Landmark vote on European Accessibility Act

15 Mar 2019

This week saw a landmark vote for the more than 80 million people in the EU who are affected by a disability to some degree. The final vote on the European Accessibility Act (EAA) took place, and was passed with an overwhelming majority – 613 votes to 23. 

The Act seeks to make key products and services more accessible to the elderly and disabled. It includes requirements for smartphones, computers, tablets, TV sets, ATMs, ticketing machines, e-books, e-readers, e-commerce websites, mobile apps and banking services. 

The Act also aims to improve accountability, particularly within the private sector, by ensuring that national market surveillance authorities have the competence to hold private entities to account where they are found to be non-compliant. 

Another important aspect of the act is that it will also support the public procurement rules for accessible products and services. This will ensure that public authorities will no longer be able to user taxpayers money on inaccessible products, services and facilities that discriminate against those with disabilities.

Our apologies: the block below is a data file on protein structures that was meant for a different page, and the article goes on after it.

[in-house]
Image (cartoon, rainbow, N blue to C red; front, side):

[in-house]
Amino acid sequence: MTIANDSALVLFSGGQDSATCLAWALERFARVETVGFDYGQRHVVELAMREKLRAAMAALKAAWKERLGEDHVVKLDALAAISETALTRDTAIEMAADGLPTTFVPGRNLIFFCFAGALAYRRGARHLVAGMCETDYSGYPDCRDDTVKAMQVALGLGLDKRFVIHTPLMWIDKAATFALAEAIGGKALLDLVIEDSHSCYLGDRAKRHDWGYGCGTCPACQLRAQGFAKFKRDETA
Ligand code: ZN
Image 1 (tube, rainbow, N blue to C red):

Morten Løkkegaard, who steered the legislation through Parliament, said: “These long-awaited rules will make a big difference not only to the millions of citizens with disabilities, but also to a lot more people, such as elderly persons. A disabled person will soon be able to use self-service machines and everyday products such as computers, phones and e-books.

“European businesses will also have more opportunities, since we were able to include public procurement in the Act and to introduce provisions that will unburden microenterprises. Consumers with disabilities now will have greater access to the digital economy, and innovation will still be possible”. 

The Act, currently a draft directive, will come into force once it receives formal approval from the EU Council and is subsequently published in the EU Official Journal. Member States will have a three year deadline to provision for the directive with domestic legislation, and a further three years for their legislation to take effect. 

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